Commonly Asked Workers' Compensation Questions

Can my employer try to terminate my workers’ compensation benefits?

Yes. Under the Pennsylvania Workers’ Compensation Act, your employer may file a petition to terminate your right to workers’ compensation benefits, if it can show that you are no longer disabled or that any remaining disability is unrelated to the injury. Your employer can win a termination of benefits if its medical expert offers testimony that you are fully recovered, that you can return to work without restrictions, and that there are no medical findings to support your complaints of pain.

Recently, Francis Ciprero defeated a Termination Petition filed by an employer against his client, who was injured in 2009 as a result of a slip and fall. A Philadelphia area Workers’ Compensation Judge presided over the hearings, and ultimately denied the Termination Petition. As a result, Mr. Ciprero’s client will continue to receive both wage loss and medical benefits.

Will a pre-existing problem, like arthritis, prevent me from getting workers’ compensation benefits?

No. Under the Pennsylvania Workers’ Compensation Act, even if you had a pre-existing problem, such as arthritis, you may receive benefits if you can show that an aggravation, re-activation or acceleration of the condition occurred as a result of your job duties or the work incident.

David Stern filed a Claim Petition on behalf of a worker who had injured his low back while lifting heavy trash. The injured worker continued to work over the next two years, performing heavy job duties while in constant pain. He eventually stopped working because of the injury, under the advice of his doctor. Although the injured worker’s employer had agreed to pay for medical expenses related to the work injury, it refused to pay for any wage loss benefits after the injured worker stopped working.

Mr. Stern presented medical evidence which proved that although the injured worker had pre-existing problems in his lumbar spine, his work duties caused an aggravation-type injury, which explained the injured worker’s complaints and problems and inability to work following the incident. The Workers’ Compensation Judge approved Mr. Stern’s Claim Petition, and awarded wage loss benefits, dating back to when the injured worker was pulled out of work by his doctor due to the injury, plus interest.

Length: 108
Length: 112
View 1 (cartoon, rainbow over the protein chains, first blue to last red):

What is an IRE?

If you are receiving workers’ compensation benefits, your employer may require you to attend a medical examination with a doctor of its own choosing. One type of examination is known as an Impairment Rating Evaluation (IRE), which can be requested up to two times within a 12 month period. If you refuse to attend, you may lose your right to receive benefits until you attend.

IREs are guided by the AMA Guides to the Evaluation of Permanent Impairment, which instructs that permanent impairment may only be rated after the status of Maximum Medical Improvement (MMI) is attained. MMI is defined as the point in a the recovery process where no formal medical or surgical intervention is expected to bring about any improvement to the injured worker’s condition.

David Stern represented an injured worker against a petition filed by the employer to force the injured worker to attend an IRE. Mr. Stern submitted evidence which demonstrated that the injured worker’s treating doctors had recommended surgery, which would minimize the pain he was experiencing due to his injury. The Workers’ Compensation Judge reviewed evidence submitted by both Mr. Stern and the employer and agreed that there was no clear evidence that the injured worker was at MMI. The employer’s petition to compel the injured worker to attend the IRE was denied.



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